Why is The Daily Show so darned sexist? Or am I just reading too much Jezebel?

This happened about six months ago, but since my blog didn’t exist then, I’ll bring it to your attention now.

In June 2010, feminist (or “women’s interests,” whatever that means) website Jezebel.com accused The Daily Show with Jon Stewart of being sexist, and ignoring women’s contributions. They cited a severe lack of female correspondents and writers, and a ‘frat-boy’ mentality.

This article caused rather a stir. Jon mentioned it on the show a few days later, and the women of The Daily Show got together and wrote an open letter about it. The letter used to be on the Daily Show website, but has since been taken down, so I’ll repost the whole thing here:

Dear People Who Don’t Work Here,

Recently, certain media outlets have attempted to tell us what it’s like to be a woman at The Daily Show with Jon Stewart. We must admit it is entertaining to be the subjects of such a vivid and dramatic narrative. However, while rampant sexism at a well-respected show makes for a great story, we want to make something very clear: the place you may have read about is not our office.

The Daily Show isn’t a place where women quietly suffer on the sidelines as barely tolerated tokens. On the contrary: just like the men here, we’re indispensable. We generate a significant portion of the show’s creative content and the fact is, it wouldn’t be the show that you love without us.

So, who are the women of The Daily Show?

If you think the only women who help create this show are a couple of female writers and correspondents, you’re dismissing the vast majority of us. Actually, we make up 40% of the staff, and we’re not all shoved into the party-planning department (although we do run that, and we throw some kick-ass parties). We are co-executive producers, supervising producers, senior producers, segment producers, coordinating field producers, associate producers, editors, writers, correspondents, talent coordinators, production coordinators, researchers, makeup artists, the entire accounting and audience departments, production assistants, crew members, and much more. We were each hired because of our creative ability, our intelligence, and above all, our ability to work our asses off to make a great show.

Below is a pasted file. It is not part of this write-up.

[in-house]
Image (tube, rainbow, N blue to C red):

Is it hard to work at The Daily Show?

Absolutely. When it comes to what makes it onto the show, competing ideas aren’t just hashed out between the faces you see on camera or the names that roll under the “writers” credits. Jokes and concepts come from our studio department, our field department, our graphics department, our production department, our intern department, and our control room. Jon’s rule is: the strongest idea and the funniest joke win every single time, no matter who pitches it–woman or man, executive producer or production assistant. And of course none of these jokes and ideas would get to air without the layers of production talent working behind the scenes. The fairness of our workplace makes competition tough and makes the show better.